-t dsa in particular, that is up for debate. I believe this answer regarding DSA remains accurate as it relates to OpenSSH at this time.
The rest of this answer will use the phrase 'encrypted key' to mean a key encrypted with modern best practices that should be as infeasible to crack as it can be (and that exists nowhere else on or around the same storage medium unencrypted).
As other answers have stated, the passphrase is an additional level of protection for your key. Keys can give you the convenience of being able to authenticate without using a passphrase, but if utilized that way your key wherever you store it is at greater risk of being used by people not you.
A passphrase does make it harder to abuse a key, ...but if you are security minded (as you probably are if you're concerned with SSH), it does not make it a lot harder.
If you have an unencrypted drive and an unencrypted key, anyone with physical access only needs to read your filesystem and they can authenticate as you would. Given the usual lack of security most buildings have, and that the average person at a workplace probably has at least required their OS to ask them for a password to log in (not to decrypt their data which is encrypted), this means to access that data one would have to only do something pretty simple like walk up to and boot the system from a live OS, remove the storage & read it with something else, or simply steal the storage medium or the entirety of whatever houses it. I would wager most average computer users (but not necessarily most users of SSH) have computers in this state of insecurity.
If you have an encrypted key in this scenario, and the person who physically walked up to your computer and took your data didn't already know it was encrypted and left, they would have to come back again and do something further to also steal your passphrase. But...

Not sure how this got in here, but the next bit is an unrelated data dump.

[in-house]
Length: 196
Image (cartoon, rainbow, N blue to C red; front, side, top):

If you have an encrypted key in this scenario, and the person who physically walked up to your computer and took your data came for your key, it stands to reason they might expect your key would be encrypted and having gained physical access will likely need to do little extra to acquire that passphrase. This is generally referred to as an evil maid attack and can take countless forms, but the bottom line is that anyone who can witness or access (personally or via a surreptitious device) the physical elements you use to authenticate via (network cable, network router/switch, keyboard, mere unobstructed view of keyboard, etc.) can likely acquire your passphrase. So the physical security of a location you authenticate from or to is also quite important.
If your drive is also encrypted, the same attack can likely be used to learn how to authenticate for both the drive and the key during the same session. This means whether only the drive/filesystem is encrypted or only the key is encrypted makes little difference to the difficulty of accessing the key (to people who aren't leaving their keys in random places, anyway).
Now mostly for fun, let's say you thoroughly encrypted a key and nobody ever authenticates with it again, and someone who stole it therefore has no guaranteed way to steal the passphrase for it. Even in this scenario a key can be less secure than using a passphrase without a key, because a passphrase stored only in a person's own memory will always tend to be harder to access than a passphrase that can be eternally brute force tested for in a key that exists in digital storage outside of a person's own memory.